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Evaluate Your House for a Master Suite Addition

Published: November 11, 2010
When planning a master suite addition, don´t just think “bump out”—think “build up,” “do over,” and “fold in” the space you already have.

Master Bedroom Addition
A master suite addition is a place to call your own—no kiddie toys, no teens hogging the bathroom—a heavenly space where you can bathe, dress, or simply relax in peace. But paradise doesn´t come cheap.
A 16-by-24-foot master suite addition to a house with midrange fixtures and finishes costs a national average of $106,196, according to Remodeling Magazine´s Cost vs. Value Report. For a larger, upscale suite with luxury appointments, the price tag jumps to $227,178.

Master suite building basics

Bumping out your house to add a master suite means giving up yard space, excavating, pouring a foundation, framing—the whole shebang that requires the full range of tradesmen, from roofer to plumber to tile-setter.
You´ll need zoning approval and building inspections, expanded heating and cooling systems, and probably an upgraded electrical panel, water heater, and burglar alarm, too.

Think outside the bump-out

If you take advantage of existing space for your master suite addition, you can trim 20% to 60% from your budget. Here´s how.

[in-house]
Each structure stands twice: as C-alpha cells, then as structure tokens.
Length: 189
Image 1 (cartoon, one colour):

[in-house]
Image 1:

• Build up instead of out: Add your master suite on top of ground floor space—over a porch, garage, or previous addition. The disadvantage? Ground-level space is easier to age into.
  • Steal underutilized space: Incorporate that rarely used guest room—even better, that extra bathroom—into your master suite. You´ll save thousands if you can tap into existing water and sewer lines.
  • Finish unfinished space: Convert unfinished basement, attic, or even garage space into a master suite. Because you don´t have to build a foundation, exterior walls, or a roof, you´ll save 50% to 60% compared with a full-scale addition.
Gift that keeps on costing

Your master suite expenses don´t end when the last faucet and light switch are installed. Every month you´ll pay higher energy bills to heat, cool, and light your new space.

If you add 600 sq. ft. to a 2,000-sq. ft. house—30% more space—your energy bills likely will grow by 30%, too. Your property tax bill may increase by a larger percentage, because you´re adding space and installing a bathroom, which tax assessors value at a higher rate than other rooms.

Be realistic about payback
Adding a master suite will make a big difference to your life, but may not equally impact the value of your house. If yours is the only master suite on the block, you´ll recoup less than if master suites are standard in your neighborhood.

The national average midrange master suite paid back 59.2% of its cost, according to the latest Cost vs. Value Report, down from 82.4% in 2005. The average return on an upscale job was 50.5%, down from 80.1% seven years ago. But not everything is about money. If you plan to stay in your house for another 3 to 5 years, adding a private oasis could just be … priceless.

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